In Russell’s case, though, we have a person who is not a law enforcement officer. He does little at the sheriff’s office but move money around at the whim of the sheriff to meet his budget needs. Email records show he ran JailCigs on sheriff’s office time, and for all we know he is still running it on the county dime but using a personal email account. He also got his real estate license so he could sell the house where his family lived next to Arnold on Osborne Lane, and now he’s pulled papers to build a monstrosity of a home in Lascassas, sources say.
Yet, he wants taxpayers to fund his defense.
In the words of the late, great UCLA basketball coach John Wooden, “Goodness gracious sakes alive.”
U.S. attorneys are challenging the requests by Russell and Vanderveer. And Judge John Bryant told them they could wind up paying back any legal fees if the court finds they have the ability to pay.
It’s just hard to imagine how someone with a regular salary of $70,000 wouldn’t be able to afford an attorney. But if your wife, Nicole Lester, the former county elections administrator, lost a $92,000 salary for not showing up at work despite repeated requests, well, you probably don’t have the buying power you once did.
Which means you need to sell a whole lot more e-cigs.
Speaking of selling e-cigs, does anyone remember when Arnold got state Rep. Rick Womick to sponsor legislation last year allowing the sheriff’s office to take over the county workhouse?
Arnold said he could run the workhouse more efficiently, and more than likely his first move would have been to oust Superintendent Bernard Salandy.
But if you look a little deeper, that would have added 120 to 180 more JailCigs customers for Arnold and Russell. The 800 inmates at the jail just weren’t enough. That’s sheer capitalism. The company has to keep growing or it goes backwards.
Even when Arnold put Russell on administrative leave when all of this stuff broke last year, Russell was spotted working a JailCigs booth at a sheriffs conference.
Here’s one last thing to really irritate people: During the 2014 sheriff’s race, the Rutherford County Republican Party removed former sheriff’s Detective Ralph Mayercik from contention, saying he was not a bona fide Republican. Yet voting records showed his Republican credentials were stronger than Arnold’s. The only time Mayercik didn’t vote Republican was when he was supporting longtime Sheriff Truman Jones, a Democrat, who was his boss.
Republicans were so intent on keeping Arnold in power, they eliminated a person with more integrity and experience than the current sheriff ever dreamed of having.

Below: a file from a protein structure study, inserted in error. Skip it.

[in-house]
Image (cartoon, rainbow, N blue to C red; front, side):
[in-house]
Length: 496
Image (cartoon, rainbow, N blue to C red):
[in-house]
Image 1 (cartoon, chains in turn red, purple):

Oh crap, one more thing. The federal indictment says $22,000 from JailCigs went into the “Elect Arnold” campaign in 2014. He probably used the money to buy or pay off the note on that delivery truck he uses for campaign appearances. The feds should look into that.
After investigating the arrests of 10 children ages 9–12 from Hobgood and other elementary schools in connection with an off-campus bullying incident, Murfreesboro Police Department took some bold steps: new Chief Karl Durr reassigned the arresting officer and suspended veteran Maj. Clyde Adkison. Police also promised to change policies and generally do a better job of handling situations involving the arrests of juveniles.
(Adkison’s crime is he failed to pass information about the arrest debacle up the chain of command, and he urged one school officer who was threatening to quit to calm down and wait through the weekend before doing anything rash. Clyde’s part in this mess, which included a long and confusing explanatory report from police, was minimal at best, and he appears to be a scapegoat for a jacked-up system of communication and command.)
While public outrage in the wake of the arrests focused on the handcuffing, the age of the children and the charge, basically failing to stop someone from picking on someone else, some of the kids arrested weren’t exactly shrinking violets.
Four of the boys were arrested previously and charged with sexually assaulting a young girl, according to a source I won’t name. Clearly, they need help and possibly separation from other students, but at least some of the boys were allowed to go back to school after their initial arrest.
Local school systems say they do their best to protect children and deal with these types of situations one at a time without using a blanket policy.
Of course, the kids should have their day in court, as is their constitutional right. Until someone is convicted of an off-campus crime, it’s difficult to single them out for expulsion or any other type of punishment. But they certainly need some type of monitoring.
Preferably such control would come from parents. Yet when the mother of one defendant is charged with beating up the victim’s mother, the whole situation is completely out of whack.
Our justice system is handling the matter. But, seriously, is the system set up to solve the problem? Not likely.
These people need help, and it’s not going to come from juvenile detention or the jail. Divine intervention is needed here.